The choice of singer was central to the intentions of the film and ‘auditions’ were another aspect of the production.  I produced a VHS off line with draft sequences with substitute vocals as ideas drawn from my research of a wide range of experimental vocalists. The American experimental singer Shelley Hirsch rehearsed her ideas to this draft video.   She then performed live to picture sequences in the recording studio in London and gave me additional vocals  and sounds which were laid in to the arrangement.   


In the highly theorised context of structural film of the 70s and the neo-structural practices at the LFMC of the 80s,  rigour was the highest critical accolade that could be accorded. It usually referred to intellectual clarity and technical mastery in the service of an objective aim.  But a feminist framing would interpret women’s film practices as tending to flout or resist the objective stance of the legacy of neo-structural film of this decade as much as the norms of professionalism or standardisation at a time when Television was commissioning work from artists. For example, in “Now I am yours” the sound recording in the section I Confess was given intensity and ‘pressure’ by the intake of breaths in the delivery which adds to disturbance.   This effect was produced by the malfunction of the recording  head which opened and closed producing a hissing sound.  As the film was a commission by Channel 4, the sound engineer advised that the hiss should be cut out to meet technical broadcast standards but this also would have meant that the speaking would have lost its impetus in that part so one had to resist in order to keep this ‘fault’ in the technology.  There were also similar resistances with regards to the length of the film which was deemed too long for an experimental film broadcast and I was obliged to make a shorter version for TV transmission.    Women’s films sometimes appeared to lack polish and to be badly made, sometimes deliberately as an aesthetic sometimes due to lack of budgets or proper technical support but also conversely the hands-on ethos of the LFMC gave the opportunity to ballast this with displays of technical, aesthetic and intellectual virtuosity perhaps as a response to the assumption of women’s lack of skill, although many women’s films were also collaboratively made with male technicians and expertise as were my own.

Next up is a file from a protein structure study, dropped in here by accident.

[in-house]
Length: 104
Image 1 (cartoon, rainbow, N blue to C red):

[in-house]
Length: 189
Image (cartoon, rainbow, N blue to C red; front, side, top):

It was necessary to find a way to get close to our materials but this does not only mean literally by working frame by frame but also mentally through other means.   For example, by knowing every frame in the editing process or phrase of the sound.    I  prepared for recording with Shelley Hirsch and with Sainko Namtchylak (Temenos 1997) by listening closely to their repertoire, to their vocal palettes, to the voice as a material and to the signifiers in each artist’s vocal reach as a bodily form of communication, to identify those moments – sometimes only seconds – in their repertoire which I felt transpassed the limits of language, so that I could draw on this when I was working with them live in the recording studio.   It was important to me that singing and vocalisation had a narrative potential because many experimental singers worked with avant-garde jazz and wordless vocal sounds.    This pure vocal experimental improvisation did not seem to encapsulate the potential of the voice for me.   It was part of the ‘getting close to the materials’ to find the right vocal collaborator who could interpret the film’s potential a subjective inscription through their parts combined with my speaking. I also didn’t want to use music although I did use music in parts of “Now I am yours”.   The vocal parts were combined with spoken parts  in relation to the image and to impart the expression of a cohering subject and a strong presence. Shelley Hirsch’s repertoire drew on narrative improvisation, fragments of women characters and social observation and Sainkho’s experimental and nomadic vocal influences was adaptable to interpreting the figures of the visionaries and atmosphere of nature and the landscape in Temenos.    


It became possible through these films to devise a form of working closely, on, through and with, the image and the voice.  So perhaps these two forms of intense attention came together in an inscriptive form in the trilogy of films that I made in that decade. The subjective located in women’s experimental film disappeared with AMI which comes out of a different context.    The experimental films of the 80s and 90s represent an embodied, inscriptive and enunciatory practice which is the subject of my current research in women’s experimental film. 


Postscript:  Experimental film is also a set of  co-ordinates and a setting out on a journey, which in each film might be different.  As funding has required institutional partners, pre-planned outcomes,  confirmed exhibition, guarantees of public engagement, the experimental method which includes an aspect of the unknown is less able to be supported institutionally.  

  1. Alison Butler, Women’s Cinema: The Contested Screen, Wallflower Press 2002 

©Nina Danino 2015/2019


Conference:  Artists’ Moving Image Practice in Britain from 1990:  Whitechapel Gallery in collaboration with Paul Mellon Centre for Studies in British Art and Film London Artists’ Moving Image Network 5-7 November, Whitechapel Gallery, 2015